Saturday, May 14, 2011
There is an Audubon preserve a bit south of us that is carpeted with ramps, fiddleheads, and erythronium Americanum (trout lily) at this time of year. Oddly, the erythronium in my garden are not this native Northeastern variety; I do best with the “Pagoda” cultivar. I also have the revolutum and the tuolemnense (above). I had the European dens-canis at first, but this faltered and disappeared pretty quickly.
I would love to see an entire bed with nothing in it but yellow erythronium and brunnera. Its beauty wouldn’t last very long—erythronium have a relatively short season, leaving the brunnera to carry one for a bit longer—but it would be glorious.
The native Americanum is now offered for sale at an area nursery; its mottled foliage is interesting, though not as big and glossy as the “Pagoda.” For crazy spring foliage though, you really can’t beat tulipa gregii, which is intertwined with the erythronium here. (I have a carefree attitude about bulb planting; I really don’t pay too much attention to what I had planted in the same spot before.)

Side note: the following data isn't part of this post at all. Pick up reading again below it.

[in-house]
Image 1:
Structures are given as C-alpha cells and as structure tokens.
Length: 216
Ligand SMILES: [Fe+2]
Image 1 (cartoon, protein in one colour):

The other silly nickname for erythronium is dog’s tooth violet. The bulb (which no one sees) is supposedly shaped like a dog’s tooth; I guess they call it a violet because it blooms as the same time. This is why I like botanical names.